Knowledge Management Is a Team Sport

Even if you have a Rich of your own, you’re still trying to document a vast domain of knowledge. Documentation and content work may include support for teams as varied as finance and engineering. In this paradigm, empowering your teammates to author documentation is essential to creating a robust and sustainable KB.

Knowledge management isn’t a solo endeavor: it’s a team sport. You need colleagues to identify what’s important, experts (and/or technical writers) to write that documentation, and a knowledge manager to make sure the information is both locatable and presentable.

Safekeeping, Not Gatekeeping

Knowledge management exists, in part, to preserve institutional knowledge. It is a precious resource that should be preserved and guarded as such—that’s why we value safekeeping over gatekeeping.

Curation woes are the most significant consequence of not gatekeeping. Well-meaning folks can misunderstand what’s valuable to the company from a knowledge curation perspective. This creates static in the KB, but it’s a hazard we acknowledge and resolve as we’re able.

In our internal knowledge base, I estimate there are about 50 articles that might not be needed. This represents only about 6% of our total content. Given the choice, I’d much rather have 750+ necessary, quality documents with 50 duds rather than a scant 200 docs and no static.

Don’t Recreate the Wheel

A company knowledge base should focus on unique information that isn’t available anywhere else.

Any information available on the first page of a Google search is not knowledge base material. A KB’s job is not meant to be a gigantic one-stop-shop for all information. Regardless of whether a knowledge base is internal, public-facing, or both, its content should be information that is specific to your organization. Unique company information might include how your product works, what your health benefits are, or the iron-clad rules for your company’s hyper-competitive Halloween costume contest.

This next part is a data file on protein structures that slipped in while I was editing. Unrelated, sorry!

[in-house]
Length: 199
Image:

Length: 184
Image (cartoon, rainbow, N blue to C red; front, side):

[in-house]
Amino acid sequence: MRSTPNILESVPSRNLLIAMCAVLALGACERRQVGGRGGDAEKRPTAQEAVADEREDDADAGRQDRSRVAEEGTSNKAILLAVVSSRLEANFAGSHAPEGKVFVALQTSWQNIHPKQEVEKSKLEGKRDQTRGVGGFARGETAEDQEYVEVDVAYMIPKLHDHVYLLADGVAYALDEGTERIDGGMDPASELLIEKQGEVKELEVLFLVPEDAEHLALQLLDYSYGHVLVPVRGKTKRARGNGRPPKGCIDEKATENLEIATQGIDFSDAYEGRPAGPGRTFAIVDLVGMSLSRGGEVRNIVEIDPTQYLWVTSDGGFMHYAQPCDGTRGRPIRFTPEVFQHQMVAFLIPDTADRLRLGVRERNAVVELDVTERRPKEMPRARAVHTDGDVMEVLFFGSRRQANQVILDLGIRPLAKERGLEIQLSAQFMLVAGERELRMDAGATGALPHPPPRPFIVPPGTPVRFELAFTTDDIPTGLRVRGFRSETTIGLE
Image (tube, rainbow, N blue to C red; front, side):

It can be tempting to document third-party tools. But unless Excel’s documentation is missing a critical piece of info that your team crucially has to have, don’t waste your time.

Do’s and Don’ts of Knowledge Base Articles

Here are some examples of topics that should and shouldn’t be included in a knowledge base:


  • Benefits information
  • Your company manifesto
  • Company-specific policies and best practices
  • How to install your super sweet software
  • The workaround for that bug in super sweet software that melts computers
  • The top-secret code to the dumpster out back


  • How to install [ubiquitous software everyone uses] on Windows
  • Any docs for a third party
  • Passwords and sensitive information
  • The history of your industry since 1900

Building Your Knowledge Base: Start Small, Start Today

You don’t require a technical writer or professional content slinger to start building a great KB. You only need a deliberate process that places accuracy at the top of a triangle, with organization and formatting falling in line underneath.

On behalf of technical writers everywhere, I think I’m contractually obligated to say: hire us, please. (Most of us are English majors with families that we’re honor-bound to wave all non-unemployment-office paychecks in front of.) But just between you and me, reader? You can get away without hiring a technical writer for a little while, especially if your resources are limited. As long as you have a knowledge management strategy and someone to keep you in line with the three pillars of KBs, I like your chances.